Ever Decreasing Circles

It’s a feature of living in these parts, where the local tourism board’s motto is, apparently, ‘shh, nobody knows we’re here’, that every so often you will discover – usually quite by chance – that there’s some feature or site that in a normal place would have at the very least a brown sign from the nearest road (if not a gift shop, tea room, opening hours and, if you’re really unlucky, a Twitter acccount), will here just sit unremarked in the corner of a field. We already run bike rides to a number of these hidden attractions, including Bigtown’s nearby stone circle – allegedly the largest* in mainland Scotland – so I thought I was reasonably on top of the local antiquities.

But then someone mentioned in passing that Bigtown has a second stone circle which I’d never heard of in my 12+ years of living here, and I just had to go and check it out. So yesterday evening, with the heat wave continuing, I and a fellow cyclist, who is generally up for a bike ride even if it means a possible wild goose chase, set out to see what we could see.

view of church from the hill

Naturally, although marked on the map, the stone circle is almost completely unheralded on the ground. We knew that there was a path from the church, which is signposted from the road, and once you’ve ridden up the steep track to find the church, itself tucked away in a pretty hollow in the hills, a sign does point you towards the ‘7 Grey Stanes’ stone circle.

sign pointing to 7 Grey Stanes

The path itself was somewhat notional, and after passing through a couple of gates, we lost our bearings for a while. Having made the mistake of following our instincts (and also leaving both Internet connected phone and Ordnance Survey map with our bikes, which we’d parked by the church) our attempt to find the stone circle through the medium of heading for the sort of spot where we thought people might want to build a stone circle was not particularly effective (although we were rewarded with some incredible views).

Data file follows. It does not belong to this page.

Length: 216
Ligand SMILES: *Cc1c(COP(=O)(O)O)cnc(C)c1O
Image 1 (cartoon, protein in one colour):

view from the hills

Fortunately it was a nice evening to be wandering around on a hilltop squinting at various stones (and a few very convincingly stone-like cow pats) to see if, from a certain angle, it could be argued that this might be a stone circle, but failing to persuade even ourselves.

view in other direction

Eventually, having admitted defeat and retreated to the path, we found a gate that led us to a more convincing path and finally round a corner to what was undoubtedly a stone circle, albeit a rather small one – and what was, in all senses of the word, a magical spot.

The stone circle, with views beyond

The views here were also stunning.

The weather undoubtedly helped, but even on a dreich day I can imagine that this site, in its little hollow in a hillside with its commanding views, would be well worth a visit.

hillside and hawthorn

Selfishly, I suppose that it’s nice to live in a place with a stone circle so unvisited that the path to reach it has all but disappeared. And to be able to have it to ourselves (and without so much as a sign, let alone an interpretation board, to tell us what we’re seeing). But I do wonder sometimes if we could make a little more of our local attractions to encourage a few more visitors to the region … if only there was a way of ensuring that they only came by bike.

* as in, largest diameter. Ring of Brodgar or Stonehenge this is not. But still …

One Response to Ever Decreasing Circles

  1. Tanja says:

    So nice to discover things nearby, that seem half forgotten

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